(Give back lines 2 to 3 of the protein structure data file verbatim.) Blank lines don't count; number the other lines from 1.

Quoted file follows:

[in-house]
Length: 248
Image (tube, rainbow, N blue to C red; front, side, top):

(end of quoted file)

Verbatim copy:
Length: 248
Image (tube, rainbow, N blue to C red; front, side, top):